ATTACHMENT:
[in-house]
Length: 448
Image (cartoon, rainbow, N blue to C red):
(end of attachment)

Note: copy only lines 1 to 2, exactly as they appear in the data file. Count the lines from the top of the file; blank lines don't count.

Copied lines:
[in-house]
Length: 448